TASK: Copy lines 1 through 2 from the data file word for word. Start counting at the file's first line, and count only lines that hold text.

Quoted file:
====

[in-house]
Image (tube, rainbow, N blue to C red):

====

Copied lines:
[in-house]
Image (tube, rainbow, N blue to C red):